Good employer, bad decision

Constructive dismissal can occur even when nobody is acting maliciously
By Todd Humber
|Canadian Employment Law Today

Background

Even when nobody is acting in a malicious manner, legal problems can arise in the workplace. A recent case heard by the British Columbia Supreme Court provides a perfect example. In that case the failure to communicate between a sensitive employee, an office manager seeking to plan ahead and a kindly company president ended up in litigation. The court awarded the employee 10-months’ notice after it ruled she had been constructively dismissed in a case that proves even the best-intentioned employer can inadvertently put its foot in its mouth.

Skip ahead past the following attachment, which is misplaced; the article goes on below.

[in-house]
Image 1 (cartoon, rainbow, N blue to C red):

The case: Fisher v. Lakeland Mills Ltd.